4 Best Practices For Tech Employee Training
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The Best Tech Employee Training Tips

Technology is becoming less expensive and more sophisticated, which means that competition in the software industry is becoming tough. In fact, the global industry is already worth $5 trillion, and it’s expected to grow another 4% in 2019 [1].

To top it all off, you’re up against the craziest pace of change our world has ever seen. No technology is popular for more than a year or two before a better version, or pioneering alternative takes its place. The Next Big Thing is dead! Long live the Next Big Thing!

But you already know all this. Which is why you’re here: it’s time to give your team and company a competitive edge. So, what are the tech employee training practices that will land you a place among the giants you admire, like Google and Apple?

1. Make Learning A Cultural Norm

Here’s the thing about learning: it’s a process, not an event. And, unless your team keeps learning at th e same pace technology evolves, your company is bound to fall behind. Which is why continuous personal development should be a core value entrenched in your team’s culture.

The best way to create a learning culture is through fostering a growth mindset, as Microsoft does. Microsoft tripled its value by fully embracing the concept of ‘growth mindset’ [2], which is the way the brain processes and engages with difficulty. Employees with a growth mindset learn from errors, while those without, run.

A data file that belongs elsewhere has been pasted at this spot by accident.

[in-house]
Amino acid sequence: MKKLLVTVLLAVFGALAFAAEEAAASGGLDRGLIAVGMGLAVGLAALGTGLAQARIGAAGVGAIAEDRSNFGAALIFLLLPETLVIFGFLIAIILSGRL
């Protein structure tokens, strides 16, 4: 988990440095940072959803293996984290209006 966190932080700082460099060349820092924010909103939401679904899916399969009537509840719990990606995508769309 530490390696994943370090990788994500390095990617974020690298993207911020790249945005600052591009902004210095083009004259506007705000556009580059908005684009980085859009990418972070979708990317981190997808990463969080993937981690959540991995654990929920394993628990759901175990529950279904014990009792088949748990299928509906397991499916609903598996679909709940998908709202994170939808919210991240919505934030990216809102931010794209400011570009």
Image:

To transform your staff from know-it-all to learn-it-all, you’ll need to strengthen their minds against change and error. To start, offer ongoing training and development programs for your tech employees to learn soft skills like problem-solving, agility and emotional intelligence.

Then, rethink your onboarding approach when hiring tech employees. Don’t only focus on onboarding training on your code base and technical systems. Include courses that cover your learning values and processes for change, too. This will ensure that when your technology changes, your staff is ready to adapt.